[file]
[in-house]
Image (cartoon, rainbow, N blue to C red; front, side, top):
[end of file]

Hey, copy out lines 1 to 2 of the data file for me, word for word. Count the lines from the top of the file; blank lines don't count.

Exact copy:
[in-house]
Image (cartoon, rainbow, N blue to C red; front, side, top):